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Top 7 Brainteasers for Job Interviews and Brain Challenge

A recent CNN arti­cle explains well why a grow­ing num­ber of com­pa­nies use brain­teasers and log­ic puz­zles of a type called “guessti­ma­tions” dur­ing job inter­views:

- “Seem­ing­ly ran­dom ques­tions like these have become com­mon­place in Sil­i­con Val­ley and oth­er tech out­posts, where com­pa­nies aren’t as inter­est­ed in the cor­rect answer to a tough ques­tion as they are in how a prospec­tive employ­ee might try to solve it. Since busi­ness­es today have to be able to react quick­ly to shift­ing mar­ket dynam­ics, they want more than engi­neers with high IQs and good col­lege tran­scripts. They want peo­ple who can think on their feet.”

What are tech­nol­o­gy com­pa­nies (Google, Microsoft, Ama­zon) and con­sult­ing com­pa­nies (McK­in­sey, Boston Con­sult­ing Group, Accen­ture…) look­ing for? They want employ­ees withbrain teasers job interview good so-called Exec­u­tive Func­tions: prob­lem-solv­ing, cog­ni­tive flex­i­bil­i­ty, plan­ning, work­ing mem­o­ry, deci­sion-mak­ing, even emo­tion­al self-reg­u­la­tion (don’t try to solve one of these puz­zles while being angry, or stressed out).

Want to try a few? Below you have our Top 7 Guesstimations/ Log­ic Puz­zles for Brain Chal­lenge:

Please try to GUESS the answers to the ques­tions below based on your own log­i­cal approach. The goal is not to find out (or Google) the right answer, but to 1) iden­ti­fy the log­ic approach that will help “guessti­mate” an appro­pri­ate range, say + or – 30% of the actu­al answer, and then 2) com­plete the cal­cu­la­tions (ide­al­ly men­tal­ly, but you can also take notes) to pro­vide an esti­mate.

Ready. Set. Go!

1) How many times heav­ier than a mouse is an ele­phant?.

2) How many fire­fight­ers are there in San Fran­cis­co?.

3) How many trees are there in NYC’s Cen­tral Park?.

4) How many shoes have you had in your life?.

5) How many golf balls can fit in a school bus?.

6) In 1999, how were these baby boy names ranked by pop­u­lar­i­ty: Kevin, Jose, Hugh.

7) What is the weight of a large com­mer­cial air­plane?.

The Answer appear below. Again, the key here is to try, plan the steps towards the solu­tion, and do the men­tal cal­cu­la­tions to find a rea­son­able range. That’s the brain chal­lenge. The goal is not to find the pre­cise cor­rect answer.


1) Around 150,000. An aver­age ele­phant weighs 4,000 kg on aver­age; an aver­age mouse 25 grams.

2) Around 350 fire­fight­ers on duty on any giv­en day, out of a pool of 1700 fire­fight­ing over­all staff.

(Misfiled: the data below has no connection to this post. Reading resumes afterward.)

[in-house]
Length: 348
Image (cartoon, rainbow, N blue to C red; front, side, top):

3) There are over 26,000 trees (of approx­i­mate­ly 175 species) in the Park.

4) We don’t know (or need to know) how many pairs you have had.

5)  About 500,000, assum­ing the bus is 50 balls high, 50 balls wide, and 200 balls long.
6) Rank­ings of baby boy names in 1999, accord­ing to Social Secu­ri­ty Admin­is­tra­tion: 1. Jose (#30), 2. Kevin (#32), 3. Hugh (#830).

7) For a Boe­ing 747:
— Emp­ty: around 400,000 pounds (lbs), or 181 met­ric tons
— Max­i­mum Take­off Weight: around 825,000 pounds, or 374 met­ric tons
— For con­text, the weight of an emp­ty Hum­mer is 8,600 pounds.

More Con­text on Exec­u­tive Func­tions:
If you want to learn more about what they are, here are some quotes from my Inter­view with neu­ropsy­chol­o­gist Dr. Elkhonon Gold­berg:

Alvaro Fer­nan­dez: Please tell us more about what the Frontal Lobes are.

Elkhonon Gold­berg: We researchers typ­i­cal­ly call them the Exec­u­tive Brain. The pre­frontal cor­tex is young by evo­lu­tion­ary terms, and is the brain area crit­i­cal to adapt to new sit­u­a­tions, plan for the future, and self-reg­u­late our actions in order to achieve long-term objec­tives. We could say that that part of the brain, right behind our fore­head, acts as the con­duc­tor of an orches­tra, direct­ing and inte­grat­ing the work of oth­er parts of the brain.

I pro­vide a good exam­ple in The Exec­u­tive Brain book, where I explain how I was able to orga­nize my escape from Rus­sia into the US. Sig­nif­i­cant­ly, the path­ways that con­nect the frontal lobes with the rest of the brain are slow to mature, reach­ing full oper­a­tional state between ages 18 and 30, or maybe even lat­er. And, giv­en that they are not as hard-wired as oth­er parts of the brain, they are typ­i­cal­ly the first areas to decline.

Ready for that job inter­view now– on either end of the table?


More brain teas­er games:

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